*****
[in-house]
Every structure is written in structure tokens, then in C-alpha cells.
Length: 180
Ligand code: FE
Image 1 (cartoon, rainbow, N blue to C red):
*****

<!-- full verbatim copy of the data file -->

[in-house]
Every structure is written in structure tokens, then in C-alpha cells.
Length: 180
Ligand code: FE
Image 1 (cartoon, rainbow, N blue to C red):